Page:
I’m staying two nights in Chisos and today I made an excursion to the Bouquillas canyon which separates Texas and Mexico with the Rio Grande river running through it.
Once back to my room I sat on my balcony as the sun was setting and getting some nice sunset pictures.
Big Bend to Carlsbad 594 km
I started early and took the western exit of Big Bend going towards Terlingua and then further along the Rio Grande to Presidio. Road TX 170 is designated an amazing road for motorcycles and it didn’t let me down! Numerous twisties and ups and downs made for very exciting riding. Mind you, at one point there was some stones on the road but I managed to avoid most of them… For a long while the road is just to the side of the Rio Grande, there is no fence and there were no border patrols to be seen along the whole stretch. Why is this? There are only two roads leading out of the area and there were road blocks where I had to show my credentials before being allowed to carry on, so perhaps the area is considered safe from people crossing the border?
I stopped after a few hours in Presidio which is a border town with roads leading into Mexico. Filled gas and had some food. In the petrol kiosk I saw papers in both english and spanish so there must be a lot of cross-traffic between the two countries during the day.
From Presidio I went north on road 67 which also seem to carry on in Mexico with the same number. The road to Marfa was great with fast sweepers and really good asphalt. There was, what looked like, a huge pipeline being built along the road, I assume to transport oil from the unconventionals being produced further north towards New Mexico, but not sure to where? It seems unlikely the pipeline would lead to Mexico, but where else?
I arrived in Marfa which is known as an arts hub, apparently an artist named Donald Judd started the Chinati Foundation, which displays huge indoor and outdoor installations on an old military base. I guess I should have stopped here for lunch rather than carrying on to Van Horn along US 90 where I had lunch in a boring roadside chain restaurent. Oh well.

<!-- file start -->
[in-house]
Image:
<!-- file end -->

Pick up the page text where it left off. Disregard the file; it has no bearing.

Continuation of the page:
After lunch I crossed I10 and carried on north along Texas 54 before hitting US 62 which climbs the Guadalupe mountains in to New Mexico. US 62 is a beautiful wide road going up the incline in fast sweepers – great for a motorcycle!
I stopped at Carlsbad Caverns to descend into the darkness and 13C environment. I took the lift down and walked around the giant cavern for a couple of hours. It’s beautifully done with an asphalt path and subdued lighting. The pictures don’t do the experience justice….
The queue to go up the lift was one hour so instead of waiting I walked the 2km and 270m ascend path to the surface. It took me about half an hour, I felt pretty good that I could do it in a relatively good time…
After climbing up the path I got my riding gear on and continued to Carlsbad where I found a room at a Day’s Inn. There were a lot of tourists and most hotels were full and the cost of my room was $170! Outrageous:-)
Carlsbad to Missouri City 1042 km
I’m not sure if I can make it all the way home today, I guess I will go until I’m tired… I’ll start the trip by going on US 285 through the Permian basin unconventional oil extraction area, through Pecos and on to I10 at Fort Stockton.
The road past the Permian basin was very busy with big trucks going in both directions. I assume carrying ingredients used in the fracturing of the oil bearing shales as well as the extracted oil. It was very interesting to see all the activity in the area – which with other shale areas have made the US a net exporter of oil during the past 5-10 years. It is talked about as the shale revolution! Unfortunately for us in the seismic business there is no or very little seismic used to locate the oil bearing shales before drilling. 🙁
After the excitement of the Permian basin activity I rode through Pecos and onwards to Fort Stockton for fuel and food before getting on the I10 for the treck back to Houston and home.